A review of taxa, characters and scores
in this bedeviling corner of the large reptile tree (LRT, (1839+ taxa; subset Fig. 1) shifted several taxa to new nodes, resolving many phylogenetic problems and shedding new light on previous anatomical misinterpretations.
the flying gurnard (Fig. 2), is typically and traditionally allied with pipefish and seahorses. Earlier the LRT nested it with the similar sea robin, Prionotus, a scorpionfish. Now, after review, Dactylopterus nests with a more similar basal ray-fin fish from the Early Cretaceous, Calamoplerus, famous for its full arcade of long fangs. A peek inside the tail of Dactylopterus reveals a heterocercal tail, a primitive trait retained from shark ancestors.
the freshwater muskellunge, now nests with a somewhat similar seawater predator, the needlefish, Tylosurus armed with a longer, tooth-filled rostrum. Transitional taxa remain unknown and untested at present. Traditionally Esox is the sole member of the clade Esociformes.
was originally and traditionally considered the oldest characiform (= catfish, knifefish, carp). Earlier the LRT nested Santanichthys as a tiny hatchling of a much larger Santana Formation herring, Notelops. After review Satanichthys now nests as a tiny bonefish with the larger Albula and the deepsea barrel-eye, Opisthoproctus.
the extant threadfin, has been a constant pain to understand given the present set of taxa. Until recently no others shared a shark-like nasal extending beyond the underslung jaws (Fig. 3). Threadfins are otherwise different from other taxa with pre-pectoral fin rays: sea robins and flying gurnards (Fig. 2). The recent addition of the extant deep sea rat tail (Coryphaenoides) solved that problem. Both are derived from Gadus, the cod. Traditionally threadfins are considered Perciformes (perch-like) fish.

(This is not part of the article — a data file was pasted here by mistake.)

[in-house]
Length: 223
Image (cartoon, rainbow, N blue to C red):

was originally nested close to similar tuna and mackerel relatives. After review it nests just one node down, basal to Danio, the tiny zebra fish, which is basal to sticklebacks, pipefish and sea horses in the LRT.
Apologies for the earlier mistakes.
I’m learning as I go, trying to be as transparent as possible while adding taxa one at a time in a haphazard (= random) fashion. Each new taxon sheds light on earlier interpretations. So these recent revisions represent progress, like chipping out a recognizable , complex and polished figure from a block of marble. There is no all-knowing paleo teacher to guide any of us. Rather traditional studies are shown to be riddled with errors after testing in the LRT, usually due to taxon exclusion. Research takes scientists into unexplored territories. There are few to no other people on this planet working on these problems in this fashion. Thank you for your readership and patience with the process and the struggle.